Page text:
As shown in FIG. 4B, amine groups react with adjacent epoxy groups forming covalent bonds through secondary amines linking surface 12 and the protein. In the presence of weak base, such as sodium phosphate, pH:9, unreacted epoxy groups are opened to form hydrophilic dihydroxyl compounds. Next, the reaction mixture is treated with strong base such as KOH so as to thoroughly hydrolyze the protein. One to three normal potassium hydroxide is suitable for this step. Proteolytic enzymes may also be used. The result is shown is FIG. 4C, wherein only the two lysine and single arginine residues remain. Note the molecular structure on the termini of the covalently-linked chains extending from surface 12 comprise the amino and carboxyl groups characteristic of amino acids. Next, the intermediate imaged surface illustrated in FIG. 4C is treated with, for example, acetic anhydride (CH3 CO)2 O in appropriate solvent such as pyridine, to acylate the amine groups. This results in derivatization and removal of the positive charge region of the amino acid as shown in FIG. 4D, leaving behind the negatively-charged carboxylic acid groups located precisely opposite the amine groups on the protein originally used to initiate the imaging procedure.
FIG. 4E illustrates the function of the imaged surface. As shown, the imaging protein presented together with other solutes in solution, when encountering the imaged surface, binds preferentially as the amine group in the lysine and arginine side chains "dock" with the carboxylic acid groups by electrostatic attraction. Thus, the relationship of the molecular imaged surface and the imaging protein is as illustrated in FIG. 2A, i.e., selective sorption occurs by virtue of spatially-matched anionic and cationic groups attached respectively to the imaged surface 12 and the surface of the imaging molecule.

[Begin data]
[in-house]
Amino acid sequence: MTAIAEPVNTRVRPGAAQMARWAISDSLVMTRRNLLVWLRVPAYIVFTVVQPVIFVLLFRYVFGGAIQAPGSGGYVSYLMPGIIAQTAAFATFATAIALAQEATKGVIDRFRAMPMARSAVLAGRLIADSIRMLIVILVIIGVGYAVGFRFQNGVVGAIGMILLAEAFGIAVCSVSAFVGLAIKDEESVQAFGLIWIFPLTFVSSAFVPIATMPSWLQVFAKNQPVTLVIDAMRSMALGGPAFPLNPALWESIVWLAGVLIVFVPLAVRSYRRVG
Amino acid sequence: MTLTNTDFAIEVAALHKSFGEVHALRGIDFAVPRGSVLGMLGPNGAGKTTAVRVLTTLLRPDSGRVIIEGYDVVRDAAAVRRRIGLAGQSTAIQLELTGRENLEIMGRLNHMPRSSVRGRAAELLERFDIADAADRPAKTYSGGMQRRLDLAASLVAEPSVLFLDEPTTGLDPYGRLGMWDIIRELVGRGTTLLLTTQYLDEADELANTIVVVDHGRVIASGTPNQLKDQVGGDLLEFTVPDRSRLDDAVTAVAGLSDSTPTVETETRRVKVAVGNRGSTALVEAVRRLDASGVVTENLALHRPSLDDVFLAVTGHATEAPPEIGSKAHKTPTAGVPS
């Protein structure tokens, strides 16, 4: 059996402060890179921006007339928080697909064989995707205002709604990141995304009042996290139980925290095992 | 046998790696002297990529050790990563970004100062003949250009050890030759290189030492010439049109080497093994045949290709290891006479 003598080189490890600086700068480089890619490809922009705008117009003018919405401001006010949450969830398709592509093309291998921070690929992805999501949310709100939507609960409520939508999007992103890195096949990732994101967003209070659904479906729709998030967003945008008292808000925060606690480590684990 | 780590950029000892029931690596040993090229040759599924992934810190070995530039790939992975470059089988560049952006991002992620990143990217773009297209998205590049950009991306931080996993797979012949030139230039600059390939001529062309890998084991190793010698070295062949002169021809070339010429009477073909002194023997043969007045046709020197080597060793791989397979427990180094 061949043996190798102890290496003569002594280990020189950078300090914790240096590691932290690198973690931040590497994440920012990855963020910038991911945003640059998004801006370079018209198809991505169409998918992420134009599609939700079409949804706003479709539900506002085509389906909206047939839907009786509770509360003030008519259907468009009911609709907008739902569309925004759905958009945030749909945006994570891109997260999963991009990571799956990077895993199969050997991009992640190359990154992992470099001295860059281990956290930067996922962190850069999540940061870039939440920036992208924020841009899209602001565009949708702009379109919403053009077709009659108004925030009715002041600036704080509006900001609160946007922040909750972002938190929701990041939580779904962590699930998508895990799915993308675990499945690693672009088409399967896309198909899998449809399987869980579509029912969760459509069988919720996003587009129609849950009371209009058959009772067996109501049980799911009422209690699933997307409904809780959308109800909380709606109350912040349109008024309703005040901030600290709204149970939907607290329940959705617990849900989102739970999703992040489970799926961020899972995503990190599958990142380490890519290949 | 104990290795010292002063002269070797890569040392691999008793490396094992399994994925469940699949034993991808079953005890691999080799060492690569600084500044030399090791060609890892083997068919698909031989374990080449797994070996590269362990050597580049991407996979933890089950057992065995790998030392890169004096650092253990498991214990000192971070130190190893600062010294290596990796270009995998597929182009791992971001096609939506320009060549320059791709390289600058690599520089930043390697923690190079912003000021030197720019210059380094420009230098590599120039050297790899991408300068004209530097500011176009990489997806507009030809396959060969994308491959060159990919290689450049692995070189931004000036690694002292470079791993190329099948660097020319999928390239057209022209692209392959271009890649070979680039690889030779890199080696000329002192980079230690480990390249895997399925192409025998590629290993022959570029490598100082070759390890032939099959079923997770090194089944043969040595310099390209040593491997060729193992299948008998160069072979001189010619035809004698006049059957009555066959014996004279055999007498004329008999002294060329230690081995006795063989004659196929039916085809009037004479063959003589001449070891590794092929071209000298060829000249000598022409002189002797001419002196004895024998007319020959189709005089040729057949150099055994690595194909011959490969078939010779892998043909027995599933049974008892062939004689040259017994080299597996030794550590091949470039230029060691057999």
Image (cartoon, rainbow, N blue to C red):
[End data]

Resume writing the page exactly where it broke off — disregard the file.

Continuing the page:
Note also in FIG. 4E that the surface 12 is covered with plural OH groups. These can take part in hydrogen bonding and can increase the affinity constant of binding between the imaging macromolecule and the imaged surface.
Referring to FIG. 5A through 5D, another series of molecular diagrams similar to those set forth in FIG. 4 are shown which differ from FIG. 4 in that substrate 12 is an aldehyde derivatized starting material of the type illustrated in FIG. 3B. As shown in FIG. 5A, as the amine group of, for example, a lysine side chain, comes into contact with an aldehyde group pendent from a filament some distance from the substrate 12, it reacts to form a secondary amine linking the protein to the surface as shown in FIG. 5B. Residual aldehyde groups are reduced to primary alcohols by sodium borohydride. In the presence of strong base, the peptide bonds linking the amino acids of the protein together are hydrolyzed. This results in a structure such as illustrated in FIG. 5C in which, at each location where the protein had an amino side chain, an amino acid residue remains with its characteristic amine and carboxylic acid groups. The structure next is treated to acylate the amine groups using an acylating reagent such as acetic anhydride to produce the structure of FIG. 5D having a negatively charged carboxylic acid located on surface 12 in position to mate with the various amine groups on the exposed side chains of the imaging protein.